Simultaneous TMS-fMRI of the Visual Cortex Reveals Functional Network, Even in Absence of Phosphene Sensation
E.C. Caparelli1, 6, *, W. Backus2, F. Telang5, G-J Wang1, T. Maloney1, R.Z. Goldstein1, D. Anschel3, 4, F. Henn1
Identifiers and Pagination:Year: 2010
First Page: 100
Last Page: 110
Publisher ID: TONIJ-4-100
Article History:Received Date: 8/7/2009
Revision Received Date: 25/11/2009
Acceptance Date: 23/4/2010
Electronic publication date: 12/8/2010
Collection year: 2010
open-access license: This is an open access article licensed under the terms of the Creative Commons Attribution Non-Commercial License (http://creativecommons.org/licenses/by-nc/3.0/) which permits unrestricted, non-commercial use, distribution and reproduction in any medium, provided the work is properly cited.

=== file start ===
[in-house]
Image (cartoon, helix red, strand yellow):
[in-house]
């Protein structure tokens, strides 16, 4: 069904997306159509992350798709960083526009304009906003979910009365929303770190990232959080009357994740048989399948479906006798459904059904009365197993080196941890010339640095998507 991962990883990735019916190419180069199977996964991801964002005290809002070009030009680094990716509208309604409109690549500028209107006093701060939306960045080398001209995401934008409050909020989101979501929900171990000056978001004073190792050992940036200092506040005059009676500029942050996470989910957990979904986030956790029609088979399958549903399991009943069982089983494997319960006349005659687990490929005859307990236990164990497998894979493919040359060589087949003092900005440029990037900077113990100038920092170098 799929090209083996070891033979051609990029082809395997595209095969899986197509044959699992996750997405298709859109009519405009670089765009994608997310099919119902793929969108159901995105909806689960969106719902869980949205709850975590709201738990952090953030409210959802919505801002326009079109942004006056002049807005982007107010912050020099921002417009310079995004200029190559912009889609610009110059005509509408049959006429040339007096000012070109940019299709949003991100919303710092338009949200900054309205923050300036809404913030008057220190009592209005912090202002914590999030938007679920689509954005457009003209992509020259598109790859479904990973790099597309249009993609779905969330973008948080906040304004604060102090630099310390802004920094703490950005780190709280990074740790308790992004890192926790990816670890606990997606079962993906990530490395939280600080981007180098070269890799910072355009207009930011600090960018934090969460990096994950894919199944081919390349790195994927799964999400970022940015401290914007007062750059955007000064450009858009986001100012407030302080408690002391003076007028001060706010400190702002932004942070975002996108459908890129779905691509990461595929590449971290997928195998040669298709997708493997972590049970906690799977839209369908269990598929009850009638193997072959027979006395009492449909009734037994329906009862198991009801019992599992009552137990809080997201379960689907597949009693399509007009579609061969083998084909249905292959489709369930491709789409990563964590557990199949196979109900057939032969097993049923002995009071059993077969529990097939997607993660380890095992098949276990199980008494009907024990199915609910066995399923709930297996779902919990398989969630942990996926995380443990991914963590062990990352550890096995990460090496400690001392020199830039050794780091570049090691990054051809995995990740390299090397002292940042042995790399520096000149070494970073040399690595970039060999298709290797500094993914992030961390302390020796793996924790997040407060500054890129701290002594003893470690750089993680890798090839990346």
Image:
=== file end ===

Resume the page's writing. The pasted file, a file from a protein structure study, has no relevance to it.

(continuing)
Phosphene sensation is commonly used to measure cortical excitability during transcranial magnetic stimulation (TMS) of the occipital cortex. However, some individuals lack this perception, and the reason for it is still unknown. In this work, we used functional magnetic resonance imaging (fMRI) to detect brain activation during local TMS of the occipital cortex in twelve healthy subjects. We found that TMS modulated brain activity in areas connected to the stimulation site, even in people unable to see phosphene. However, we observed a trend for a lower blood-oxygenation-level dependent (BOLD) signal, and smaller brain-activation clusters near the stimulated site than in the interconnected brain areas, suggesting that TMS pulse is more effective downstream than at its application site. Furthermore, we noted prominent differences in brain activation/deactivation patterns between subjects who perceived phosphene and those who did not, implying a functional distinction in their neuronal networks that might explain the origin of differences in phosphene generation.